Seagrass meadows sway with the waves

A variety of habitats can be found below the surface of the Baltic Sea. Of these, seagrass meadows are easily recognisable because the grass-like vegetation on the sandy seabed, as well as the bluish colour of the surrounding water, evoke images of summery grain fields or lush meadows. Fish visit these meadows to snap up small invertebrate animals that dart between the blades of seagrass. Various worm species crawl among the roots.

Seagrass meadows are teeming with life, and thus, seagrass beds are considered one of the key habitats in the Baltic Sea. Seagrass roots bind the mobile sediments in place and create a more diverse habitat for many different species.

Seagrass needs light and salty water

Seagrass, i.e. Zostera marina, needs both light and saltwater to survive. Most of the seagrass meadows along the Finnish coast can be found in the Archipelago Sea and the Western Gulf of Finland, at depths ranging from one to eight metres.

Although sand is the best growing material for seagrass, it can also be mixed with small amounts of gravel and clay. The living conditions of this plant are also improved by continuous mild sea conditions, which keep both the bottom and the seagrass shoots clean of loose algae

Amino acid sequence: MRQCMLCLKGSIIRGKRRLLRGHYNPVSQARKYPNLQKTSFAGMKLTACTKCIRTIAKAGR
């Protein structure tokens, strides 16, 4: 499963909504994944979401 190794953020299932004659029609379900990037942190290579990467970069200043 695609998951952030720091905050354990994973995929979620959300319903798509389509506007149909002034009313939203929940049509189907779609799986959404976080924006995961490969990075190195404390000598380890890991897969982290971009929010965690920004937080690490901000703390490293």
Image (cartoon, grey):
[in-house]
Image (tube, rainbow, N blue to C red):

Dense seagrass meadow in clear water.
A Zostera meadow turns a harsh seafloor into a flourishing oasis.

There are many kinds of seagrass meadows

There are many kinds of seagrass meadows. Monocultural meadows, i.e. those formed solely from a single species, such as Zostera marina, usually occur on open shores. However, as one moves closer to the shoreline and to islands, the proportion of other vascular plants within a meadow grows.

Other species associated with seagrass meadows include ditch-grasses (Ruppia spp.), horned pondweeds (Zannichellia spp.), pondweeds (Stuckenia spp., Potamogeton spp.) and even water milfoils (Myriophyllum spp.).

On clean sandy bottoms where vascular plants thrive, the low-growing stoneworts are particularly common, such as the bird’s nest (Tolypella nidifica) and rough stonewort (Chara aspera). Coarse and filamentous brown algae may also be associated with seagrass meadows growing on mixed sediments, which are dotted here and there by rocks and gravel.

Snails and crustaceans graze among the seagrasses

Zostera meadows can be extremely dense with up to 1,000 shoots per square metre. These narrow-leaved plants grow their shoots up to 50 centimetres in height. Many species of snail and crustacean graze on seagrass shoots, eating both the leaf material itself, as well as the planktonic diatoms that accumulate on the surface of the leaves.

Species of the seagrass meadows

  • Ditch-grasses (Ruppia spp.)
  • Horned pondweeds (Zannichellia spp.)
  • Pondweeds (Potamogeton spp.)
  • Water milfoils (Myriophyllum spp.)
  • Bird’s nest stonewort (Tolypella nidifica)
  • Rough stonewort (Chara aspera)